Ferruccio de Bortolli: Many countries have regulated civil unions. Is it a path that the Church can understand? But up to what point?
Pope Francis: Marriage is between one man and one woman. The secular States want to justify civil unions to regulate different situations of coexistence, spurred by the need to regulate economic aspects between persons as, for instance, to ensure healthcare. Each case must be looked at and evaluated in its diversity.
Last week, some parts of the media blew up over the Pope’s “controversial” statements on civil unions. The first I saw of it was an irresponsible headline from Raymond Arroyo that misrepresented the Pope’s statements and inflamed many anti-homosexual comments on his facebook page.
When I was reading through some of these comments by fellow Catholics I couldn’t help but to become slightly enraged. Not only did many of the comments put words into the Holy Father’s mouth which he did not utter, their failure to distinguish between varying degrees of “rights” and varying states of life between persons who struggle with same-sex attraction showed little understanding of the Church’s teachings.
To begin with attacks on the Pope that claim he is tolerating homosexual behavior in this and other previous statements are preposterous. Any claim that he is opening a door to same-sex marriage or a change on the teachings of the Church on homosexuality are equally idiotic. The first thing out of the Pope’s mouth is: marriage is between one man and one woman. There is no wavering on this point, no sense of misgiving or of shifting attitude on this point. Throughout the rest of his commentary, the word and concept of homosexuality is not even mentioned.
I know that Pope Francis has at times appeared to some to be “too friendly” in his comments about homosexuals.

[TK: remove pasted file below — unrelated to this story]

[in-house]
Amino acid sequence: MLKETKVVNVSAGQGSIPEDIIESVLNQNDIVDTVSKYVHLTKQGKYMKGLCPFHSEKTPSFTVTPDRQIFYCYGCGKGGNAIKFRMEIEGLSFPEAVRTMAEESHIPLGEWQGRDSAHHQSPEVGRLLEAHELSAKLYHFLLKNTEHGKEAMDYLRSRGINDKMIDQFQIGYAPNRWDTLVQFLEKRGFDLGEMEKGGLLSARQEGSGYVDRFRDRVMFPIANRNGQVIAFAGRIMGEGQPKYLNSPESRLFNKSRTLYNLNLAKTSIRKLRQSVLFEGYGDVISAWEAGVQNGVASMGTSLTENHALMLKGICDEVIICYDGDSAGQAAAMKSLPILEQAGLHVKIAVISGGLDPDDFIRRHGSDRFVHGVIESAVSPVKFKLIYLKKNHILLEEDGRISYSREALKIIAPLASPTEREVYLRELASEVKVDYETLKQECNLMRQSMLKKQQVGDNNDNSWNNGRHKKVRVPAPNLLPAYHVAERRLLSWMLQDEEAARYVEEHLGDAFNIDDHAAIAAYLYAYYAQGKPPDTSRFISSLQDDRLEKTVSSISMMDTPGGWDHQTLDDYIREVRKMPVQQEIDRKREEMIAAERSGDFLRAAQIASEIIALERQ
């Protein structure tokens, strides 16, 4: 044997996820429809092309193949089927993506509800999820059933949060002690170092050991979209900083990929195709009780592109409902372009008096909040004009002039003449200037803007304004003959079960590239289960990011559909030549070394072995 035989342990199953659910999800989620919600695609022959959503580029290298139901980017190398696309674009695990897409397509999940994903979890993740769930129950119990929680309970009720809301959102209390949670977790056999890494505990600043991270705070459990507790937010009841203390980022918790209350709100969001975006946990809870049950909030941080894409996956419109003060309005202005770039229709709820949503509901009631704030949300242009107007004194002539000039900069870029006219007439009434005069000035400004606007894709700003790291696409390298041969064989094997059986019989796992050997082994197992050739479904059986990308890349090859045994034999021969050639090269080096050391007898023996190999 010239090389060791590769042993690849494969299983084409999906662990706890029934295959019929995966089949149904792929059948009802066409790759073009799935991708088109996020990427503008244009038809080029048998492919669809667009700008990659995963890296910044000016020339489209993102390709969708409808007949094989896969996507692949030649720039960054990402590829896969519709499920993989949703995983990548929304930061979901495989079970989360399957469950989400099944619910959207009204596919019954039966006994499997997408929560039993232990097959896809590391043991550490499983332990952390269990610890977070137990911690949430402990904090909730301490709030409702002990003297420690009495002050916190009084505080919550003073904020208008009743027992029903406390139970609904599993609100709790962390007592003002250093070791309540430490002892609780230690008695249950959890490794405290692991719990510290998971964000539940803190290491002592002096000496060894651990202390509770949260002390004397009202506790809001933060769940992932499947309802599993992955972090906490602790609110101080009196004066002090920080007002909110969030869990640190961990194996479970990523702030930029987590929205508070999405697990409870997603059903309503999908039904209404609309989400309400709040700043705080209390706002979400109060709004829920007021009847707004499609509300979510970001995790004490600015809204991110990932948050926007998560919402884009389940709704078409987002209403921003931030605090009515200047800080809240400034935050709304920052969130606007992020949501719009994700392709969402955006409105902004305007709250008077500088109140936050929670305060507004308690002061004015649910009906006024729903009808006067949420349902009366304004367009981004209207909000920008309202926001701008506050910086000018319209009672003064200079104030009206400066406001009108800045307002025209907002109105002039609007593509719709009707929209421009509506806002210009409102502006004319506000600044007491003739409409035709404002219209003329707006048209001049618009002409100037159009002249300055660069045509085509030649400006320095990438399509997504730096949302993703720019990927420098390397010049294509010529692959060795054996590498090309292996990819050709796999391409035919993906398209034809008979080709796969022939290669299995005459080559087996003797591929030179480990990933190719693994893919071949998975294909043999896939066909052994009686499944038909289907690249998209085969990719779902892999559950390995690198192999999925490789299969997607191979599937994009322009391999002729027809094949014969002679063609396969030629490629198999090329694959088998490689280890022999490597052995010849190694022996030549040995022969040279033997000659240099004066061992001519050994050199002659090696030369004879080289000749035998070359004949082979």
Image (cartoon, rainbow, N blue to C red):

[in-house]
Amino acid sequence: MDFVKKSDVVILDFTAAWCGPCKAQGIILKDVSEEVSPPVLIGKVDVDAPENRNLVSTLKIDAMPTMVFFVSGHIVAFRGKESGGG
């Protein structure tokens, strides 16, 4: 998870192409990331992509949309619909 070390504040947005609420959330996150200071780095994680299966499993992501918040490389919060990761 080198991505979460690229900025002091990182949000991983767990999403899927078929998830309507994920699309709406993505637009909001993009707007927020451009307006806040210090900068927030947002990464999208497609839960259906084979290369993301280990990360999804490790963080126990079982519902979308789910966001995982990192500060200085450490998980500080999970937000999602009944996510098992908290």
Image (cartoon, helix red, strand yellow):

If someone is gay and he searches for the Lord and has good will, who am I to judge?
To liberals this was a signal that Francis was breaking with his predecessors and that the Church might move to “get with the times” and to Catholic traditionalists it was a signal that Vatican II’s break with true Catholicism was complete.
However, the Pope is not really saying anything new that the Church hasn’t already taught in apostolic letters and the Catechism and isn’t something that people like me, who are same-sex attracted, don’t already know: that inner crosses have no bearing on whether God loves you and does not diminish your possibility for good will and seeking of the Lord. Sexual attraction is not the definition of salvation. We are not handed cards that identify ourselves as “straight” or “gay” or as “honest” or “dishonest” or as “sober” or “alcoholic”. We are all given souls of equal value before Jesus Christ and when the stamp of Baptism is placed on that soul we begin the journey of salvation no matter what baggage, chosen or unchosen, we bring with us. And the Church is there to help us along the way, to bind us to certain obligations which when attempted with good will turn our eyes away from self and to trust in God. And when we fail in our attempts, the Church provides a sure way for reconciliation.
In what way has the Pope broken with the faith? In what way has he softened the moral rigidity of the Church? He only seeks to present the same meaning and reality in words of encouragement. The Church seeks the souls of the lost, no matter what their orientation and if the Pope’s words can coax some of the most hardened anti-Catholics to come and look at what the Church offers, is that not a good thing? If even one homosexual person repents and returns to the Church because he or she was welcomed and shown mercy, which is just as much of a trait of God’s as his swift arm of justice, why should we be upset? Shouldn’t we rejoice like when the woman found her lost coin?
And for all you news outlets who are claiming the Pope has spoken on same-sex civil unions, he has not. Start using honest journalism and do not twist the Holy Father’s words. And for Catholics who lump all of the demands of the LGBT agenda under a broad banner of “gay rights” just stop. Not all of the demands of the LGBT agenda have to do with marriage, and those that don’t are not necessarily evil. Working towards achieving just ends that belong to ALL people (gay, straight, married, single, man, woman, or child) is a good thing, even if some groups have co-opted these things into agendas that often-times conflict with the Faith. Healthcare (which is what is mentioned by the Holy Father) is NOT just for married people. It is NOT just for families. It is NOT just for Christians. What is wrong with legal protections for being able to obtain healthcare for someone you care about? There is no “grave immorality” of providing health care to a same-sex partner as far as I can understand it.
Long story short I think people on the far left and the far right have made a big deal out of nothing.